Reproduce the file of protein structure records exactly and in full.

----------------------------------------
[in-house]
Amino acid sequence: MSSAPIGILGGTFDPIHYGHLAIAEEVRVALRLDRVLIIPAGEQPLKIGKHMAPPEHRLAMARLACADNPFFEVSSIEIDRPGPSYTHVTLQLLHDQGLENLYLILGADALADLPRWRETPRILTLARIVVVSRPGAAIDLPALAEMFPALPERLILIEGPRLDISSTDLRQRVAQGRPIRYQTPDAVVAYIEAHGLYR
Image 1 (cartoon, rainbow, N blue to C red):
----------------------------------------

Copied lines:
[in-house]
Amino acid sequence: MSSAPIGILGGTFDPIHYGHLAIAEEVRVALRLDRVLIIPAGEQPLKIGKHMAPPEHRLAMARLACADNPFFEVSSIEIDRPGPSYTHVTLQLLHDQGLENLYLILGADALADLPRWRETPRILTLARIVVVSRPGAAIDLPALAEMFPALPERLILIEGPRLDISSTDLRQRVAQGRPIRYQTPDAVVAYIEAHGLYR
Image 1 (cartoon, rainbow, N blue to C red):